The risks are reduced, however, for firms that have agreed to abide by the terms of the Safe Harbor arrangement set up by the United States (through the Department of Commerce) and the EU. Companies that sign on are bound by certain privacy and notification principles, and violators can be subject to sanctions, including, in some instances, federal penalties.
The Safe Harbor system is a way to facilitate commercial transactions, including overseas background checking, among organizations subject to two different approaches to privacy—the EU approach and the U.S. approach as embodied in the Fair Credit Reporting Act (FCRA). Although international criminal checking isn’t perfect, Rosen adds, it still allows an employer to demonstrate due diligence in hiring and discourages applicants with something to hide. All checks are done pursuant to a signed release under the FCRA. An employer’s due diligence in dealing with a candidate with an international resume can also be demonstrated by checking the person’s U.S. credentials and experience, he adds, even if the applicant is relatively new to the United States.
Using Watch Lists
As worthwhile as it may seem to check an applicant’s name against available terrorist and sanction lists, it’s not advisable to use them as your sole guide. Some lists are published by overseas authorities. Interpol, for example, puts out the International Wants and Warrants database. The U.S. Treasury Department’s Office of Foreign Assets Control has its list of Specially Designated Nationals and Blocked Persons. Some of these tools, used by firms that provide international searches, are available on the Internet. As with any database, however, the presence of a name doesn’t mean the person has a criminal background, Rosen notes, and the absence of a name doesn’t necessarily mean the person is “safe.”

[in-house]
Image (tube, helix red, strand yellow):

Moreover, some experts caution, employers cannot assume that because a person who has entered the United States after having gone to school or acquired work experience overseas has been cleared through a background screening by U.S. authorities. “That’s a huge fallacy,” Rosen says. “Certainly the government has stepped up its watch list of terrorists, but there are still huge holes in the system. There are some mechanisms in place when it comes to visas, but employers should not, and cannot, depend on those.”